Dawn Reader

Dawn Reader
from Open Door Coffee Co.; Hudson, OH; Oct. 26, 2016

Saturday, July 28, 2012

"I got a funny story for you ...."

Yesterday, at LifeCenter Plus, in the locker room, post-shower, standing at the sinks, staring in the mirror at my face, flushed from my efforts on the stationary bike (but not alarmingly so; just healthily so), hair soaked from the shower, towel wrapped discreetly around my enviable abs, breathing ever so easily, I noticed a man emerging from the sauna.  I heard him say to someone still in steam: "When you come out, I've got a funny story for you."

Often when people tell us thay have a funny story for us, we discover it's not really all that funny, not at all.  So maybe, I think, the Steamer will stay inside a bit longer than he planned, hoping that the Storyteller will dress, tire of waiting, head outside and find someone in the lobby to bore with his story.  Who knows?

I do know that stories have always been our best way to communicate with one another.  I imagine it didn't take the First Users of Words very long to figure out ways to string them together to keep the attention of the First Listeners.  Dude, I saw this, like, awesome buffalo-thingy, and I'm all, Dude! That thingy would taste so good! And so I'm like sprinting back here to get some help, when this tiger-thingy ....

And so we quickly discovered the power of stories to persuade, to frighten, to delight, to instruct, and on and on.  Religions learned, too: the best stuff is in the stories.  (Be honest: Wouldn't you rather read one of the parables than chug through Leviticus?)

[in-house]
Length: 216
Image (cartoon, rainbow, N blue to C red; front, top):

My father was a storyteller.  My brothers and I heard his tales about his own boyhood back on the farm in Oregon--the horseplay (literal and figurative) with his brothers and neighbor kids.  We learned about a game they played on the unwary, a game called Snatch-and-Grab-It, a game involving a blindfold and a cow pie and a kid who would grab for something he'd just seen (pre-blindfold) and then would discover to be something profoundly different ...

When we'd gather out in Oregon for family reunions, Dad and his brothers didn't even have to tell the entire story anymore.  Someone would mention just a kid's name, or Snatch-and-Grab-It, and they all would howl like coyotes with cramps.  And my delighted brothers and I would laugh along with them ... as if we'd been there ...

Which, of course, is what good stories do--they take us there, wherever "there" may be.  They yank us out of our world and plop us into another one--sometimes one that's very like our own or somewhat like it or nothing like it at all.

People tend to favor one type of story over another.  I like realistic fiction (stories that take me to places I recognize), but I also like detective fiction.  Other people like stories that are familiar in some ways, very unfamiliar in others (Ffity Shades of Grey?)--or drastically different (Hunger Games, The Hobbit).